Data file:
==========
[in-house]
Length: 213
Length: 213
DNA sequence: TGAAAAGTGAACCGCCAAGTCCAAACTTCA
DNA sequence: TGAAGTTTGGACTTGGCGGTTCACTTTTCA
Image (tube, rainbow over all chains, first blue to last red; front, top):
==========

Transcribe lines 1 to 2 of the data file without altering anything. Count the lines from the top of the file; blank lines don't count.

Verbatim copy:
[in-house]
Length: 213